Essay by MJ33College, UndergraduateA-, May 2008

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Muslims who take part in 'jihad,' are ensured of "God's forgiveness and His mercy" (The Qur'an: 3:155) should they "die or be slain in the cause of God" (The Qur'an: 3:157). This aspect of Islam is confined only to those believers who take up armed struggle against foreign threats to 'Dar-al Islam' or regimes within Islam that are deemed oppressive by an Imam (Bonner 15). Martyrdom is of high importance in Islamic theology. Female participation in this endeavor has become noticeable in recent years with the rise of 'militant Islam.' To identify whether women are permitted to becoming involved in violence against the enemies of Islam, it is crucial to examine past Jihad along with more recent uses of the idea. More importantly, discussion of Jihad in scripture is vital to understanding if female participation is encouraged or a mere invention of recent fanaticism. Another major issue worth examining is whether Islam changed the status of women in relation to war.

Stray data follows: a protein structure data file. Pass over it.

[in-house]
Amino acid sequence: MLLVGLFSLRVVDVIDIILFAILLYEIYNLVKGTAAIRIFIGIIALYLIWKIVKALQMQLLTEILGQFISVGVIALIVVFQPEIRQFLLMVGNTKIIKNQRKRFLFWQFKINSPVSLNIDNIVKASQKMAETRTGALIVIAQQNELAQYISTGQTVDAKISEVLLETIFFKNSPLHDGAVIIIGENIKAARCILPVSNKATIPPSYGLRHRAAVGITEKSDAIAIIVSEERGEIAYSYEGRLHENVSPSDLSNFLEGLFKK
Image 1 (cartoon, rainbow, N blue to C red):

To do this, pre-Islamic Arabia must be given consideration. Although Jihad has taken on non-violent connotations, for the purposes of comprehending the recent developments in Islam, the violent form of this principle will be focused upon.

In Arabia, prior to Islam, tribalism reigned and perpetual warfare existed at the frontiers of this territory and in the interior (O'Leary 153). Military enterprise was popular among Arab rulers and evidence shows that those involved in this trade were men. Blood feuds between tribes were common and this greatly reduced the male population. Proof of women not being involved in intra-tribal warfare and not being used in frontier protection is the existence of infanticide, along with polygamy. Although scholars have argued of the existence of female kinship in pre-Islamic Arabia, the selling of women was a hideous practice that was also...